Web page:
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Background Basic lexical skills are hypothesised to be relatively preserved in mild dementia, but clinical studies have reported inconsistent results. Methods More than 400 older Catholic nuns, priests and brothers recruited from groups across the USA completed annual evaluations for up to 15 years, died and underwent brain autopsy. Each clinical evaluation included administration of a 20-item word reading test and a 15-item vocabulary test, which were combined to form a composite measure of word knowledge. In a uniform neuropathological examination, Alzheimer's disease pathology was quantified with a composite index of plaques and tangles, and the presence of gross and microscopic cerebral infarctions and Lewy bodies was recorded. Results The post-mortem level of Alzheimer's disease neuropathology was linearly related to rate of decline in word knowledge. Decline was nearly fourfold faster at a relatively high level of pathology (75th percentile) compared with a relatively low level (25th percentile). Neocortical (but not nigral or limbic) Lewy bodies and gross (but not microscopic) cerebral infarction were also associated with a more rapid decline in word knowledge. Effects for word reading and vocabulary were similar, except that gross cerebral infarction was associated with accelerated decline in vocabulary, but not in word reading. Conclusion Common neuropathological changes associated with late-life dementia impair word knowledge in old age, calling into question the use of word knowledge tests to estimate premorbid cognitive ability.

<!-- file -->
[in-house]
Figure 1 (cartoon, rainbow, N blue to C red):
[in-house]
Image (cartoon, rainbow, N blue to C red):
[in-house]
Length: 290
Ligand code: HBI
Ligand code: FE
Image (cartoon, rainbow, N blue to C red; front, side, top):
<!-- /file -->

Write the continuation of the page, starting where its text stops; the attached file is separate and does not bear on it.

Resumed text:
Rush Alzheimer's Disease Center, Rush University Medical Center, Chicago, Illinois, USA.
This article was published in the following journal.
Name: Journal of neurology, neurosurgery, and psychiatry
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Computer programs based on knowledge developed from consultation with experts on a problem, and the processing and/or formalizing of this knowledge using these programs in such a manner that the problems may be solved.
The process whereby an utterance is decoded into a representation in terms of linguistic units (sequences of phonetic segments which combine to form lexical and grammatical morphemes).
A research and development program initiated by the NATIONAL LIBRARY OF MEDICINE to build knowledge sources for the purpose of aiding the development of systems that help health professionals retrieve and integrate biomedical information. The knowledge sources can be used to link disparate information systems to overcome retrieval problems caused by differences in terminology and the scattering of relevant information across many databases. The three knowledge sources are the Metathesaurus, the Semantic Network, and the Specialist Lexicon.
The interdisciplinary field concerned with the development and integration of behavioral and biomedical science, knowledge, and techniques relevant to health and illness and the application of this knowledge and these techniques to prevention, diagnosis, treatment, and rehabilitation.
The study of religion and religious belief, or a particular system or school of religious beliefs and teachings (from online Cambridge Dictionary of American English, 2000 and WordNet: An Electronic Lexical Database, 1997)
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